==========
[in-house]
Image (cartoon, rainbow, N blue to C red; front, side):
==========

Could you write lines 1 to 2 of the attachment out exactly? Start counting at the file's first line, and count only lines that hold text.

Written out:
[in-house]
Image (cartoon, rainbow, N blue to C red; front, side):